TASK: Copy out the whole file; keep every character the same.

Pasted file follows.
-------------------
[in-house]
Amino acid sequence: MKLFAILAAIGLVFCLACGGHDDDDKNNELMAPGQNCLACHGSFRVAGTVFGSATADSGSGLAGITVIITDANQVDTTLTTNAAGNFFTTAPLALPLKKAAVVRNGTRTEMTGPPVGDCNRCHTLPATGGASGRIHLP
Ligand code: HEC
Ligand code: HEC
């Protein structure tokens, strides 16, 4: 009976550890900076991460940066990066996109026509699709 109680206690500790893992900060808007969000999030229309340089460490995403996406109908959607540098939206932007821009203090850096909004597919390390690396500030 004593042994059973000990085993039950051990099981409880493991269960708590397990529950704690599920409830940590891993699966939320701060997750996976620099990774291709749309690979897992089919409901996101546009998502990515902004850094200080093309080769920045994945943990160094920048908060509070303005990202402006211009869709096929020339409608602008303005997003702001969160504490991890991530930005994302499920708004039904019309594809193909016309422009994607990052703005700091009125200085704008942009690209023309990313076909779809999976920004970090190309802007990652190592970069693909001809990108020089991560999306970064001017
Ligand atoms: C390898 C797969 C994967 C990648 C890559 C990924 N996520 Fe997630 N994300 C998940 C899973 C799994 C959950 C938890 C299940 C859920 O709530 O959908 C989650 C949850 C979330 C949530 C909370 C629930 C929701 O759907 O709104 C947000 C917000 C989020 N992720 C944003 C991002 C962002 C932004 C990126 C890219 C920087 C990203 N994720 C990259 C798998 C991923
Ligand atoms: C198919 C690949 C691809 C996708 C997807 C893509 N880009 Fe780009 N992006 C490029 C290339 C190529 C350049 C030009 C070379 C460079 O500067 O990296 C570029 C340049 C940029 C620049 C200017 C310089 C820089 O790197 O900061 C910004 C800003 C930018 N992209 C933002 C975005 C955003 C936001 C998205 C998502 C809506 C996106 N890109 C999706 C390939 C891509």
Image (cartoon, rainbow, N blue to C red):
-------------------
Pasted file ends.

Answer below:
[in-house]
Amino acid sequence: MKLFAILAAIGLVFCLACGGHDDDDKNNELMAPGQNCLACHGSFRVAGTVFGSATADSGSGLAGITVIITDANQVDTTLTTNAAGNFFTTAPLALPLKKAAVVRNGTRTEMTGPPVGDCNRCHTLPATGGASGRIHLP
Ligand code: HEC
Ligand code: HEC
């Protein structure tokens, strides 16, 4: 009976550890900076991460940066990066996109026509699709 109680206690500790893992900060808007969000999030229309340089460490995403996406109908959607540098939206932007821009203090850096909004597919390390690396500030 004593042994059973000990085993039950051990099981409880493991269960708590397990529950704690599920409830940590891993699966939320701060997750996976620099990774291709749309690979897992089919409901996101546009998502990515902004850094200080093309080769920045994945943990160094920048908060509070303005990202402006211009869709096929020339409608602008303005997003702001969160504490991890991530930005994302499920708004039904019309594809193909016309422009994607990052703005700091009125200085704008942009690209023309990313076909779809999976920004970090190309802007990652190592970069693909001809990108020089991560999306970064001017
Ligand atoms: C390898 C797969 C994967 C990648 C890559 C990924 N996520 Fe997630 N994300 C998940 C899973 C799994 C959950 C938890 C299940 C859920 O709530 O959908 C989650 C949850 C979330 C949530 C909370 C629930 C929701 O759907 O709104 C947000 C917000 C989020 N992720 C944003 C991002 C962002 C932004 C990126 C890219 C920087 C990203 N994720 C990259 C798998 C991923
Ligand atoms: C198919 C690949 C691809 C996708 C997807 C893509 N880009 Fe780009 N992006 C490029 C290339 C190529 C350049 C030009 C070379 C460079 O500067 O990296 C570029 C340049 C940029 C620049 C200017 C310089 C820089 O790197 O900061 C910004 C800003 C930018 N992209 C933002 C975005 C955003 C936001 C998205 C998502 C809506 C996106 N890109 C999706 C390939 C891509």
Image (cartoon, rainbow, N blue to C red):